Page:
The 2008 primary was tough on Clinton's relationship with black voters. Once Obama proved himself viable, Clinton lost a set of supporters that she thought she'd be able to keep in whole, or at least in part. Toni Morrison calling Bill Clinton the "first black president" — a phrase she later said was misunderstood — wasn't quite the same thing as Obama winning that title for real.

The concern for Clinton isn't lingering hard feelings. Working for Obama for four years appears to have repaired the relationship. But after black turnout helped propel Obama to victory in 2008 and even more so in 2012, Clinton can ill afford to lose the voters Obama attracted to the polls.

Even before Gray's death and the rioting in Baltimore's streets, Clinton was prepared to discuss criminal justice reform in the speech at Columbia, according to a person familiar with her plans. As she noted, her call for equipping all police departments with body cameras goes beyond what Obama has proposed. To keep black voters energized to help elect her, Clinton will have to show she shares the concerns of the black community. That is, don't expect her to talk a whole lot about another round of welfare reform.

A Clinton aide declined to answer whether Clinton still supports her husband's welfare reform law.

Overlapping pasts

It's reasonable to ask what's meant by welfare reform, particularly in the context of inner-city men. After all, the country's basic welfare program, Temporary Assistance for Needy Families, primarily assists women and children.

Lawrence Mead, a New York University political science professor who has studied welfare reform extensively, says the government should create a new welfare program designed to encourage poor men to work.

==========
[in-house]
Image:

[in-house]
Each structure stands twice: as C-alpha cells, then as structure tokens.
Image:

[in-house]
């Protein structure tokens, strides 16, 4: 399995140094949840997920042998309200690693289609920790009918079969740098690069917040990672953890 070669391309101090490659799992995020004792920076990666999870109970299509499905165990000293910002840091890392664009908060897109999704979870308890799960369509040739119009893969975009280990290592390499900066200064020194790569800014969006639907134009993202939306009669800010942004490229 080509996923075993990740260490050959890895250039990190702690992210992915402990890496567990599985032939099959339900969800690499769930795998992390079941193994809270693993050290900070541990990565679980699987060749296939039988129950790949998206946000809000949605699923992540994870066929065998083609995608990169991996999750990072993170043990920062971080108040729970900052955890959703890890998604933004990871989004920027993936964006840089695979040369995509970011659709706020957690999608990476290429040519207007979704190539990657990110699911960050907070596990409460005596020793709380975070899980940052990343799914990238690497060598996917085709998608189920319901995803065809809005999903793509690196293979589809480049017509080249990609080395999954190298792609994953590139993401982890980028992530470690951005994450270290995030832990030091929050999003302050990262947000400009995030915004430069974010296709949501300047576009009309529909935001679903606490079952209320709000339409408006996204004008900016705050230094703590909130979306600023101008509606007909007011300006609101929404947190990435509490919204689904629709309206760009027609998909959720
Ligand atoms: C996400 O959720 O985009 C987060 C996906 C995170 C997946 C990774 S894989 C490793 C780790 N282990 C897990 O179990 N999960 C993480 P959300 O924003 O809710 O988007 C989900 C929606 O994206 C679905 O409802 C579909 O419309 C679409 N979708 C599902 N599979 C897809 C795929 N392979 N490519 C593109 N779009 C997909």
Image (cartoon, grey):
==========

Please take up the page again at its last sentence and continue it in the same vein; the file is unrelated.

Here's how he put it in testimony before a House subcommittee in 2013:

Even creating jobs for them has little effect. Recent work programs run by the child support and criminal justice systems, however, show greater promise. These programs are aimed at low-income men owing child support or out of prison on parole. They offer the men help to work, but they also enforce employment because these groups are required to work, on pain of going to jail or returning to prison. Enforcement coupled with close supervision by case managers has allowed these programs to raise work levels and reduce recidivism, at least somewhat, compared to earlier programs. With further development, these efforts could provide a basis for "welfare reform for men."

"They are both right in a sense," Mead said of Bush and Clinton in an interview with Vox.

"There's little question that it's counterproductive to have so many young men taken away from their neighborhoods and put in prison," he said of Clinton's proposal. "It is not, however, the most direct answer."

Aside from political barriers, there's also a problem with the welfare-reform-for-men model.

"We don’t have programs that are ready for prime time," Mead said. "They are not that good yet."

The truth is that the Bush and Clinton positions have overlapped over time. Bush has supported prison reform, and Clinton backed her husband's welfare law. Clinton's cautious embrace of charter schools puts her in the same ballpark as Bush, whose passion for school choice led to him starting Florida's first charter school in one of the state's poorest areas.

Their respective solutions might actually complement each other. But for now, it shouldn't be surprising that they're emphasizing opposite ends of the issue. They're courting opposite sides of the racial divide.